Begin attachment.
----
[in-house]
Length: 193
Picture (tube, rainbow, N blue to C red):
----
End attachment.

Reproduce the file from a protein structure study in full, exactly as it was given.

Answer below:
[in-house]
Length: 193
Picture (tube, rainbow, N blue to C red):